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Santa Olivia by Jacqueline Carey


Loup Garron was born and raised in Santa Olivia, an isolated, disenfranchised town next to a US military base inside a DMZ buffer zone between Texas and Mexico. Loup’s father was one of a group of men genetically manipulated and used by the US government as a weapon, engineered to have superhuman strength, speed, sensory capability, stamina and a total lack of fear, and Loup, named for and sharing her father’s wolf-like qualities, is marked as an outsider.

After her mother dies, Loup goes to live among the misfit orphans at the parish church, where they seethe from the injustices visited upon the locals by the soldiers. Eventually, the orphans find an outlet for their frustrations: They form a vigilante group to support Loup Garron who, costumed as their patron saint, Santa Olivia, uses her special abilities to avenge the town.

Aware that she could lose her freedom, and possibly her life, Loup is determined to fight to redress the wrongs her community has suffered. And like the reincarnation of their patron saint, she will bring hope to all of Santa Olivia.
Jacqueline Carey’s Santa Olivia masquerades as a superhero novel, from the cover art down to the blurb, but that is a false cover for a very different novel, about growing up, about responsibility, about dedication, about love, and about difference. Albeit treated through a lens not altogether distant from that of a superhero novel.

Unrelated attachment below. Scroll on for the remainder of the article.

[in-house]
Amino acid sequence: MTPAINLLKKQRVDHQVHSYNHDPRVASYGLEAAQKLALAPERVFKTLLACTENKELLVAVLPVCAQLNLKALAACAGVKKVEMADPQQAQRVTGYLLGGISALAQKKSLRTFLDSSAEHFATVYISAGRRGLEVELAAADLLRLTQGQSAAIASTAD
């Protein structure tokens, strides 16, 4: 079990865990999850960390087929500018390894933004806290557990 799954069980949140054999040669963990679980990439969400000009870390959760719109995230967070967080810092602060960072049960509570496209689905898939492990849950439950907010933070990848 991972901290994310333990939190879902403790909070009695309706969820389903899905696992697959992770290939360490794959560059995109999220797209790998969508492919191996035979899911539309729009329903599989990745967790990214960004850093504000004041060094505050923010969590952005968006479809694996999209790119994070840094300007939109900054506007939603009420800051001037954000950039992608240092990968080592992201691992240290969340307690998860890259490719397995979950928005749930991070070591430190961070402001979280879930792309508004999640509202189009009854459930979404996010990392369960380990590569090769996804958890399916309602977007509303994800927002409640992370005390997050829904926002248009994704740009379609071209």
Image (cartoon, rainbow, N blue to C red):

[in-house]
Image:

Carey’s Santa Olivia takes place in a strange netherworld, a legally nonexistent town controlled by an uneasy truce between the army and Mexican gangs native to Santa Olivia. The people are disenfranchised and powerless, existing and surviving by clinging on, by serving the forces that control them; either the army, the gangs, or both. There is no resistance to this system, no ways to fight it, no way to escape it… except in a boxing match. These are organised by an American trainer living in Santa Olivia despite its strange status, and the general in command of the army base stationed near the town. Winning gets one two tickets out; staying the course and losing on points gets pay; losing gets nothing. One of Santa Olivia‘s key themes is this need to escape, and the terrifying prospect of it not being possible; Carey beautifully sympathetically portrays the feeling of helplessness that holds the town and everyone in it, the feeling that nothing can be done to save themselves from the twin forces they’re trapped between.